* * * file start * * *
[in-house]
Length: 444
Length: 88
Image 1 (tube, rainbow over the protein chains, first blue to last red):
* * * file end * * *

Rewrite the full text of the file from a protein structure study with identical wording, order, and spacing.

[in-house]
Length: 444
Length: 88
Image 1 (tube, rainbow over the protein chains, first blue to last red):